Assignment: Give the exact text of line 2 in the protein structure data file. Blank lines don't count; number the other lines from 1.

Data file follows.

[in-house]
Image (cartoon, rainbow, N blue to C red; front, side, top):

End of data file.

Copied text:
Image (cartoon, rainbow, N blue to C red; front, side, top):